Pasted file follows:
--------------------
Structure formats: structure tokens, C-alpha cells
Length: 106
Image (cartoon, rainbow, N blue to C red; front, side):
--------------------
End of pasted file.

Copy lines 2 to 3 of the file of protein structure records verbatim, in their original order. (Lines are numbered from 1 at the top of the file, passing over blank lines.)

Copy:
Length: 106
Image (cartoon, rainbow, N blue to C red; front, side):